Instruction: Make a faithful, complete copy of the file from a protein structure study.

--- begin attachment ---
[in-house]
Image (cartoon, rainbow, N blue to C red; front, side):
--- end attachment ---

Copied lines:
[in-house]
Image (cartoon, rainbow, N blue to C red; front, side):